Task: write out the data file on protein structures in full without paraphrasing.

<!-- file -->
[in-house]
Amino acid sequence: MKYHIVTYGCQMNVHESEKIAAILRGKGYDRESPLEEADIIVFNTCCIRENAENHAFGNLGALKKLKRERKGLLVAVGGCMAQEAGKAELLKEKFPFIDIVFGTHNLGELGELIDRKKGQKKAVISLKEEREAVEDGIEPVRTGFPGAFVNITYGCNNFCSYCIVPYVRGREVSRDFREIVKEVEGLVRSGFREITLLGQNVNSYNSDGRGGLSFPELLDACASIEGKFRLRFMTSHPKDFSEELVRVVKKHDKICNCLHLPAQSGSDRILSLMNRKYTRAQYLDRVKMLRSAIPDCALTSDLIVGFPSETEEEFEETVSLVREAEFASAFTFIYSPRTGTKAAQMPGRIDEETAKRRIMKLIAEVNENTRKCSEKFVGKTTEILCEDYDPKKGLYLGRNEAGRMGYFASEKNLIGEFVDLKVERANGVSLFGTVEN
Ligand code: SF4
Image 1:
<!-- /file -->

[in-house]
Amino acid sequence: MKYHIVTYGCQMNVHESEKIAAILRGKGYDRESPLEEADIIVFNTCCIRENAENHAFGNLGALKKLKRERKGLLVAVGGCMAQEAGKAELLKEKFPFIDIVFGTHNLGELGELIDRKKGQKKAVISLKEEREAVEDGIEPVRTGFPGAFVNITYGCNNFCSYCIVPYVRGREVSRDFREIVKEVEGLVRSGFREITLLGQNVNSYNSDGRGGLSFPELLDACASIEGKFRLRFMTSHPKDFSEELVRVVKKHDKICNCLHLPAQSGSDRILSLMNRKYTRAQYLDRVKMLRSAIPDCALTSDLIVGFPSETEEEFEETVSLVREAEFASAFTFIYSPRTGTKAAQMPGRIDEETAKRRIMKLIAEVNENTRKCSEKFVGKTTEILCEDYDPKKGLYLGRNEAGRMGYFASEKNLIGEFVDLKVERANGVSLFGTVEN
Ligand code: SF4
Image 1: